CFS: Yale J for Humanities in Medicine

Yale Journal for Humanities in Medicine welcomes submissions for publication from doctors, nurses, patients, family members, and others interested in the humanities and medicine. We welcome poetry, essays, and arts reviews with some flexibility in those categories. Please familiarize yourself with the journal and read the entirety of this page before submitting so that you can be sure to follow the stated requirements. If your submission is not in accordance with these guidelines, it will not be considered.
YJHM IS ACCEPTING SUBMISSIONS MARCH 1 THROUGH MAY 1, 2013.
http://yjhm.yale.edu/submissions.htm

Costs of Health Care Essay Contest

COSTS OF CARE HEALTHCARE ESSAY CONTEST

http://www.costsofcare.org/advocacy/essay/

 

$4000 in prizes for the best stories from patients, doctors, and nurses illustrating the importance of cost-awareness in healthcare. Deadline November 15, 2012. Entries must be no longer than 750 words. Students are strongly encouraged to submit an anecdote. Entries will

be judged based on the quality of the writing and the relevance of the anecdote to the topic of cost-awareness in medicine. We are primarily seeking anecdotes. The focus if the contest is not to suggest policy solutions. Four care provider finalists and four patient finalists will be chosen. Care providers include doctors, dentists, nurses, pharmacists, clinical assistants, health administrators and students of these professions. Patients include patients as well as their friends or family members, and students of non-clinical professions including college students. All finalist entries will be read and rank-ordered according to the above criteria by our high-profile judges. Four $1,000 prizewinners will be named — two care providers and two patients.

 

Nobody’s Perfect

One of my favorite film scenes occurs at the end of Billy Wilder’s comedy Some Like It Hot

 http://youtu.be/2Inp_sWsUqQ 

“Nobody’s perfect.” I’m reminded of this famous scene by Kerry Ann Rockquemore’s essay in today’s Inside Higher Education, “The Costs of Perfectionism” –

http://www.insidehighered.com/advice/2012/11/07/start-series-essays-about-dealing-academic-perfectionism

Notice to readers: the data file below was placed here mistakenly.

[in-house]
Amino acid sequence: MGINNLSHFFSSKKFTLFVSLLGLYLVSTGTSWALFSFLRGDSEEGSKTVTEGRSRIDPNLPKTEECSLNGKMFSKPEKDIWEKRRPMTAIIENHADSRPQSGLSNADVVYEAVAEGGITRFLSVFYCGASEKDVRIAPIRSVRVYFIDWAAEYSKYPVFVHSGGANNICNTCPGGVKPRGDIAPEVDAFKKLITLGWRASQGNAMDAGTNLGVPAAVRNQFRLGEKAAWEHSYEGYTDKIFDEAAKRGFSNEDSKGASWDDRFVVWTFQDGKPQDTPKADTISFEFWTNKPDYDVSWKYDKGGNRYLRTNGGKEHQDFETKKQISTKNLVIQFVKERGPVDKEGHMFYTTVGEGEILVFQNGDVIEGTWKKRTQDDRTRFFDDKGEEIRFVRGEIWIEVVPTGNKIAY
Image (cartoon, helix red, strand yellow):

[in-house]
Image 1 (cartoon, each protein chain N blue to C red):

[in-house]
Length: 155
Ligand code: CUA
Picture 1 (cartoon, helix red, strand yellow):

“Ironically, while academic culture exacerbates perfectionist tendencies among many faculty members, perfectionism has been shown to have a negative impact on scholarly productivity. A recent study found that perfectionist professors have lower research productivity, fewer first-authored publications, and fewer citations than their peers. While it’s bad enough that perfectionism can make us feel perpetually miserable and tortured, the single greatest reason to overcome your perfectionism may be that it isn’t helpful to your scholarly productivity.”

CFS: Stories/Disability (Narrative Inquiry Bioethics)

Call for Stories for a Narrative Symposium: Living with the Label “Disability” | Narrative Inquiry in Bioethics—A Journal of Qualitative Research | Edited by Jeffery Bishop, MD, PhD and Naomi Sunderland, PhD

http://www.press.jhu.edu/journals/narrative_inquiry_in_bioethics/symposia.html

Narrative Inquiry in Bioethics will publish an issue focused on stories from people living with impairment-highlighting their encounters with both medical practice and research. The word “disability” suggests a coherent group with a set of common characteristics. Yet, there exists a broad spectrum of impairments experienced by the group of people with “disabilities.” Attention to such differences is important and diverse accounts may aide a more open and honest dialogue between stakeholders, policy makers, healthcare workers, and academics. We would like your true, personal stories in a form that is interesting and easy to read.

In writing your story, you might want to think about:

  • How does the label “disability” interact with other aspects of your life in health care settings, for example your gender, culture, and geographical location?
  • How does the term “disability” reflect your actual embodied experiences of impairment?
  • When does the label “disability” not do justice to your particular experience of impairment?
  • Have you accepted the label “disability” in your life? If yes, what effects has this had for you and others e.g. family, friends, health care providers, and co-workers?
  • Describe the kind of experiences you might have that are possible because of your impairment.
  • How have labels of disability affected the degree to which you feel that your “authentic voice” has been heard by others e.g. family, friends, health care providers?
  • How has the impact of the label disability changed for you over time e.g. as you have aged or as societal expectations and standards have changed?
  • How has the label “disability” been a hindrance in your life? Has the label been beneficial?
  • What else might you want people to know?

You do not need to address all of these questions-write on the issues that you think are most important to share with others. You do not need to be a writer, just tell your story in your own words. We plan to publish 12 stories (800 – 2000 words) on this topic. Additional stories may be published as online-only supplemental material. We also publish two to four commentary articles that discuss the stories in the journal. If we receive more stories than we can publish in the journal then the 1000 Voices group will invite those authors to share their stories on the 1000 Voices website.